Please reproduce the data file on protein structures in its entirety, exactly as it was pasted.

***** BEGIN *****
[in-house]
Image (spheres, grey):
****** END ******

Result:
[in-house]
Image (spheres, grey):